I did some lengthy interviews with Dunleavy (who has since died) for a story in Rolling Stone about the life and practices of a sensationalist tabloid journalist. Dunleavy proved to be the perfect example of a Rupert Murdoch mad-dog journalist, for whom anything goes to get a story. He told me that when he was once competing with his father — also an Australian reporter — on a crime story, Steve slashed his father’s tires to prevent him from getting to the crime scene.
When I met with Steve, he was then working for Murdoch’s grimy New York Post, as well as writing a column for Murdoch’s Star supermarket tabloid, and all of our interviews seemed to somehow end up taking place in Manhattan bars. I learned a lot of tabloid journalism tips from Steve. For example: “You know, Chet, when we write about an actress’s ‘charms,’ that’s shorthand for ‘tits.'” He was serious.
Dunleavy told me the assignment to do the Elvis book came from the very top. When I pressed him about his financial arrangements about the book, Dunleavy would only say, “Mr. Murdoch took care of me very well for the book.”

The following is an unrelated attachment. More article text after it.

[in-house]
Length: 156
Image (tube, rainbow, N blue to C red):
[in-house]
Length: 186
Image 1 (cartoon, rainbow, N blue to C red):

Steve would not say if he or the Post had paid for interviews with the three bodyguards for the project. Given the Murdoch empire’s lengthy history of buying interviews and paying out bribes, I suspect that was very likely the case. There were no cell phones back then, so they couldn’t have been hacked. But Dunleavy didn’t really need phone hacking. He got his dirt straight from Elvis’ former guys.
For the first time, the book revealed the full extent of Elvis’ complete and total dependence on a long list of prescription drugs. And it was not a pretty story. It was a virtual pharmacopia of drugs and other sundry and tawdry personal details about Elvis.
Close Elvis associates have said the book had a devastating effect on Presley. He read portions of an advance copy of it, became alternately depressed and enraged and was agitated to the point of talking about luring Red and Sonny to Graceland and then killing them.
The book was published in early August of 1977. Elvis died on the floor of his bathroom in Graceland two weeks later, on Aug. 16, 1977.
Rupert Murdoch: Anything for a buck.